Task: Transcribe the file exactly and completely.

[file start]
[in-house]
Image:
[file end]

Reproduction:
[in-house]
Image: